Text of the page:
Ed Mazria

written by:
November 24, 2009
Originally published in Growing Up Green

"This isn’t a question of cost: It’s a question of design. Design is how you solve the climate-change problem."

 

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  The Beddington Zero Energy Development, or BedZED, by London’s Bill Dunster Architects, exceeds Architecture 2030’s targets, using solar energy and roof gardens. Photograph by Raf Makda/VIEW pictures.
    The Beddington Zero Energy Development, or BedZED, by London’s Bill Dunster Architects, exceeds Architecture 2030’s targets, using solar energy and roof gardens. Photograph by Raf Makda/VIEW pictures.
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  Architecture 2030–compliant: Kubala Wash-atko Architects’ Aldo Leopold Legacy Center. Photograph by Mark F. Heffron/the Kubala Washatka Architects, Inc.
    Architecture 2030–compliant: Kubala Wash-atko Architects’ Aldo Leopold Legacy Center. Photograph by Mark F. Heffron/the Kubala Washatka Architects, Inc.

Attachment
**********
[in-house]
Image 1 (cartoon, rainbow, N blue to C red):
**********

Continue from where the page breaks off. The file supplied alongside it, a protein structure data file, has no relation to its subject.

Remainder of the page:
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  Sol y Sombra, the former home of painter Georgia O’Keeffe. Mazria’s additions to the site include a passive solar greenhouse and wildlife habitat. Photograph by Kirk Gittings.
    Sol y Sombra, the former home of painter Georgia O’Keeffe. Mazria’s additions to the site include a passive solar greenhouse and wildlife habitat. Photograph by Kirk Gittings.
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  The Rio Grande Botanic Garden Conservatory. Photograph by Craig Campbell.
    The Rio Grande Botanic Garden Conservatory. Photograph by Craig Campbell.
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  Mazria’s wing for the University of New Mexico law school. Photograph by Robert Reck.
    Mazria’s wing for the University of New Mexico law school. Photograph by Robert Reck.
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